The good news is that everything scientists are learning about cockroaches holds clues for future ways to deter them. Take the reason desert-dwelling cockroaches seek the kangaroo rat's burrow (for moisture). Richard Brenner has found in his Gainesville laboratory that cockroaches typically spend most of the day backed into a crevice, antennae sticking out, sensitive for air currents. The reason? They must be just as careful of drying out in your home as they are in the desert. One food-deprived cockroach colony in the Gainesville lab died only when a technician forgot to water it over a weekend. "Deny them water and you've hit them hard," says Brenner. So too, he hopes, will the drying action of a new ventilation system he is testing.

The lab's sensors have revealed that cockroaches scurry to cover at the slightest air movement. "We used to think they avoided the light, and that's true, but they also hide away to avoid moving air," says Brenner. (As for avoiding light, anyone who's experienced an invasian of Asian cockroaches can attest that at least one bold species loves illumination--even the glare of a television screen underfoot.)

Until air blowers designed to dry out cockroaches come along, we may be able to thwart the critters with fans at key locations. The experts also recommend general cleanliness and an absence of clutter that can harbor the bugs. As for poisons, anything that will kill a cock­roach may also hurt people. "The problem is that we are trying to eliminate something that intimately affects our environment," says Brenner. "The point to our research is learning to very carefully manage the cockroaches' environments without harming people."

A case in point is boric acid (to which cockroaches can't seem to develop resistance-yet!). In pow­der form, it sticks to the insects, which then ingest it as they clean themselves. Boric acid is best used spread in small amounts where the bugs are likely to tread, but not where it might poison humans. That is easier said than done, how­ever, and carries a risk of toxifying our own environment. Also effective, and far less potentially toxic to people, are baits--which often come as small, black plastic rec­tangles. The cockroaches actually feed on the poison and then die later.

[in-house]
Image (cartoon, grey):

Those of us who are alarmed by cockroaches may find some perverse consolation in the notion that people provide only a small fraction of the bugs' habitats. The in­sects might prefer, say, a tree hole to a house. Recalls population biologist Donald Strong of Florida State University in Tallahassee, "The first time I saw a hollow oak cut down, I thought there was a fire inside because the tree hit the ground, split-and black fumes seemed to issue out." The smoke, of course, was cockroaches.

If that image is somehow not soothing, we might learn something from ento­mologist Harley Rose of Sydney, Australia. Rose maintains that Australia's giant burrowing cockroaches, the length of an adult finger, are ideal pets. And he's not alone. For two years, he has sold about ten mating pairs a month (at $50 a pair). Like the cockroaches that may be benefiting from the steam wafting off your dinner plate, these "cockies" are maintenance free. "You can go away on holidays without any problems about looking after them," says Rose.

Once a New Yorker who shared an apartment with a battalion of cockroaches (headquartered under the bathtub), Richard Wolkomir now lives in Vermont.